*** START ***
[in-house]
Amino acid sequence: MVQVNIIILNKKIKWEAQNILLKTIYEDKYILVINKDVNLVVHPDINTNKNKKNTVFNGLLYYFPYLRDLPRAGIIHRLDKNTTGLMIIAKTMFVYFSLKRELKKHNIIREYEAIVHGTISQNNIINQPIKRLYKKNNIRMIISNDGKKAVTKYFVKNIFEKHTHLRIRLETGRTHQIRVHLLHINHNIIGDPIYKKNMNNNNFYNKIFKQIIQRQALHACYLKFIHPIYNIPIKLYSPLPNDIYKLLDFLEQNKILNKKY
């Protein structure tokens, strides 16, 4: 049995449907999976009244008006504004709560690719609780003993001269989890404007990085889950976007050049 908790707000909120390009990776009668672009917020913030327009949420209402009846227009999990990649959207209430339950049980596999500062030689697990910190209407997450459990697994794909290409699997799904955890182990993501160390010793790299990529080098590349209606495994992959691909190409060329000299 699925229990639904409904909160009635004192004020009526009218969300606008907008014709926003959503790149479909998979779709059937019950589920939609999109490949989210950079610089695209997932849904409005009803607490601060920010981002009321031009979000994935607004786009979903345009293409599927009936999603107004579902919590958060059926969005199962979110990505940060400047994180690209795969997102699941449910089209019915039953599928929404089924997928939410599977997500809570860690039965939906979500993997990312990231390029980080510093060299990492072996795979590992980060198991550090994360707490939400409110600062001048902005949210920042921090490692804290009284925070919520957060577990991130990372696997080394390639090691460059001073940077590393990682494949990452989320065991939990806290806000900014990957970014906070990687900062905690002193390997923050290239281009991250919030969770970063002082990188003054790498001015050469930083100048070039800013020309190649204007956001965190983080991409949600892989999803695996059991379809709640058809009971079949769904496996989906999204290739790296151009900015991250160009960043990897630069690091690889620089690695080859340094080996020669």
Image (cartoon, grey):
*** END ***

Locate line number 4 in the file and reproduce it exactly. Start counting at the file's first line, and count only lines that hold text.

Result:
Image (cartoon, grey):